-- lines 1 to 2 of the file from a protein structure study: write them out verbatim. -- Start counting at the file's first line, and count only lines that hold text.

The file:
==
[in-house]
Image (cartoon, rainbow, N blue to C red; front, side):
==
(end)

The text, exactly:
[in-house]
Image (cartoon, rainbow, N blue to C red; front, side):